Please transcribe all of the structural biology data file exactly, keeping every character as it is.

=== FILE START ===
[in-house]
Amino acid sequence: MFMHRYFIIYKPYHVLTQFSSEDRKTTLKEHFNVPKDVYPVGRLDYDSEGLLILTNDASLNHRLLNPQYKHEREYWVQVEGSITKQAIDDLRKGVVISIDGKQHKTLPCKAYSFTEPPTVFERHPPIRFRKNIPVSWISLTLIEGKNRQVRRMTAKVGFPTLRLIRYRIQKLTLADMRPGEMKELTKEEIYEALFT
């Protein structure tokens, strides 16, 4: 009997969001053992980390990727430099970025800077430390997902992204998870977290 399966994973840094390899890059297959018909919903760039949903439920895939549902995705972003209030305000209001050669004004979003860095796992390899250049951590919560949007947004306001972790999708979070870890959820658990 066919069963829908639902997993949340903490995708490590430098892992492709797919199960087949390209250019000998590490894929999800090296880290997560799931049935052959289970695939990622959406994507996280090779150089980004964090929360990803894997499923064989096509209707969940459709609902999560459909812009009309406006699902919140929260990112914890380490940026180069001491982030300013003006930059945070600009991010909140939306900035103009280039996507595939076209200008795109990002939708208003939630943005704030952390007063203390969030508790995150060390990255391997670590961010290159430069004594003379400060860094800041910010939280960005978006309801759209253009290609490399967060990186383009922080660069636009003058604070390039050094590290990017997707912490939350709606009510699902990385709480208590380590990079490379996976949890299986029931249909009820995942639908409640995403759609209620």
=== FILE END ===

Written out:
[in-house]
Amino acid sequence: MFMHRYFIIYKPYHVLTQFSSEDRKTTLKEHFNVPKDVYPVGRLDYDSEGLLILTNDASLNHRLLNPQYKHEREYWVQVEGSITKQAIDDLRKGVVISIDGKQHKTLPCKAYSFTEPPTVFERHPPIRFRKNIPVSWISLTLIEGKNRQVRRMTAKVGFPTLRLIRYRIQKLTLADMRPGEMKELTKEEIYEALFT
């Protein structure tokens, strides 16, 4: 009997969001053992980390990727430099970025800077430390997902992204998870977290 399966994973840094390899890059297959018909919903760039949903439920895939549902995705972003209030305000209001050669004004979003860095796992390899250049951590919560949007947004306001972790999708979070870890959820658990 066919069963829908639902997993949340903490995708490590430098892992492709797919199960087949390209250019000998590490894929999800090296880290997560799931049935052959289970695939990622959406994507996280090779150089980004964090929360990803894997499923064989096509209707969940459709609902999560459909812009009309406006699902919140929260990112914890380490940026180069001491982030300013003006930059945070600009991010909140939306900035103009280039996507595939076209200008795109990002939708208003939630943005704030952390007063203390969030508790995150060390990255391997670590961010290159430069004594003379400060860094800041910010939280960005978006309801759209253009290609490399967060990186383009922080660069636009003058604070390039050094590290990017997707912490939350709606009510699902990385709480208590380590990079490379996976949890299986029931249909009820995942639908409640995403759609209620």